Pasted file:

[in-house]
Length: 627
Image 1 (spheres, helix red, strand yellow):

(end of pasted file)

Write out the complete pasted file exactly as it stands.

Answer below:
[in-house]
Length: 627
Image 1 (spheres, helix red, strand yellow):